Git Workflow Model

TRELLIS loosely follows the Vincent Driessen model of Git workflow. Each repository follows a structure that contains two permanent branches, a Master branch and a Development branch. The Master branch contains the current source code that is published to customers. The Development branch contains the most recent successful build state across all developers. When there is a bug reported by a customer, a Hotfix branch is created, cloned from the Master branch. Hotfix branches should have an absolute minimum lifetime, created when the bug is reported and deleted after being merged into the Master and Development branches. Feature branches are created whenever a developer is attempting to create a new feature for the project. Feature branches are kept for as long as the feature remains in development, ie until is it merged into the Development branch or dropped.

Git Workflow

The boxes represent states of each branch. The connectors represent changes in those states. Where connectors connect different branches, they represent either a branch creation when the connector points to a new branch, or a merge when the connector points to an existing branch. Connectors between branches are labelled with the reason for the branches creation.

Creating a Git Repository
Step 1: Creating the repository

When you sign in to the team website, click on the “Code” tab at the top of the screen.

Creating a Git Repository

You will be navigated to the code screen where it will show you the details of your most recently viewed repository and the code inside it. Left click on the name of the repository in the top left and select “New Repository.”

Creating a Git Repository
Creating a Git Repository

Enter the name of the repository into the Repository Name field and click on the checkbox to add a README file to the repository. Finally, add a “VisualStudio” gitignore file from the gitignore dropdown selection. The dropdown can be filtered by typing into it. The gitignore file is important because it prevents Visual Studio from attempting to commit unnecessary files to the repository, which causes errors. Finally, click the “Create” button. The repository will be created with an empty README file and a gitignore file that ignores Visual Studio base files. The repository is created with a “Master” branch.

Creating a Git Repository
Step 2: Connecting to and cloning the repository

An Extensions repository has been created, currently containing only a README and a gitignore file. To connect to it, open Visual Studio and open the Team Explorer. Click on the "Connections" icon, then click “Manage connections” and select “Connect to a project.” Select the new repository from the menu and click the “Clone” button at the bottom of the window. This will clone the repository from the server and allow you to make changes.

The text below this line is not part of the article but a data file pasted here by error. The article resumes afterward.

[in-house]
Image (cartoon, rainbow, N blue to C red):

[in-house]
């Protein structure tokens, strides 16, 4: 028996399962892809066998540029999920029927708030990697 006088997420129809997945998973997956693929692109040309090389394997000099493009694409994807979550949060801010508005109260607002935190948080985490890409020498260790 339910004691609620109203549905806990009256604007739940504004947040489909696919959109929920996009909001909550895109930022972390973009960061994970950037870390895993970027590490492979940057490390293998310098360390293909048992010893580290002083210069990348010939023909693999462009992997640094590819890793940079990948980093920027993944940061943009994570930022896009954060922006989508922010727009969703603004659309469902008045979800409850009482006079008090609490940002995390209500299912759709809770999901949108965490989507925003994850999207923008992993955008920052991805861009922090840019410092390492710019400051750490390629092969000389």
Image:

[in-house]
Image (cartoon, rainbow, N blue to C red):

Connecting to the repository
Connecting to the repository
Connecting to the repository
Step 3: Creating a project within the repository

Open the File menu and select "Create New Project" as normal. For the project type, select ".NET Standard Class Library." Enter the name of the project and select “OK." Creating a repository on this screen will create a local repository, which is unable to connect to the database and commit to shared repositories.

Create Project
Step 4: Committing to the repository

There are two parts to committing to a repository in Visual Studio. The first part is staging your changes and committing them locally. At this point, the changes are held in a commit stage on your local PC, but have not been committed to the shared repository online. The second part is where you commit the changes to the shared repository.

Committing to the repository
Committing to the repository

For part one, open the “Changes” menu in the Team Explorer. Select the “+” button in the Changes section to stage all the changes. Git requires that you add a comment to all Commits. Summarize your changes in the comment and select “Commit All.” Alternatively, you can open the drop-down menu and select “Commit All and Sync,” which executes a sync operation automatically.

Committing to the repository

For the second part, select the “Sync” option in the Team Explorer home menu. From here, you must first pull any incoming commits and resolve any conflicts before you push your own changes to the repository. All commits are made to a branch. If no other branches have been created or selected, the commit is made to the “Master” branch.